Lifelong passion keeps researcher at top of tree

An 87-year-old researcher from The University of Western Australia with a passion for agricultural science is proving age is no barrier to a successful research career after publishing 59 research papers, including seven this year, since retiring in 1992.

Honorary Research Fellow Dr Jim Barrow from UWA’s School of Biological Sciences said he preferred research over crosswords because it’s easier, more fun and mentally stimulating.

“It’s not very different to art, you might as well ask an artist why they keep painting pictures despite not being paid for their work. It’s just what you do when you’re passionate,” Dr Barrow said.

Dr Barrow began his research career at CSIRO initially driving around NSW conducting field work in agronomy. He later did more lab and theoretical work and was ultimately promoted to the position of a Chief Research Scientist II, the highest research classification in the organisation.

“I managed to publish quite a few research papers and earn qualifications, so before I knew where I was, I was at the top of the tree.”

Dr Jim Barrow

“I started my 40-year career at CSIRO as a technical officer, one of the lowest rungs in the organisation, and eventually found out I was fairly good at doing research,” he said.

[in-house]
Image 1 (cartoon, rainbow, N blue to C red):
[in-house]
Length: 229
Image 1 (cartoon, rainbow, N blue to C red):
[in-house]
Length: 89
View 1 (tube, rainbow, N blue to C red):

“I managed to publish quite a few research papers and earn qualifications, so before I knew where I was, I was at the top of the tree.”

When Dr Barrow isn’t conducting research, he enjoys visiting his wife who is in a nursing home and writing about WA wildflowers.

“When I came to Western Australia, I saw these crazy plants with red stems and green flowers and I thought, what on earth kind of a place are we living in here,” he said.

“After my retirement my wife and I joined the Wildflower Society of Western Australia and built up quite a bit of knowledge in the area.”

Dr Barrow collaborates with research colleagues in India who conduct the experiments and contribute towards producing manuscripts.

“I suggest things we might want to test, they do the work and then we write up the manuscripts. This has enabled us to investigate lots of things.”

In the future, Dr Barrow hopes to continue his scientific research, among other interests.

“There are always activities with the Wildflower Society, a German conversation group, and children, grandchildren and great-grandchildren to keep me busy.”

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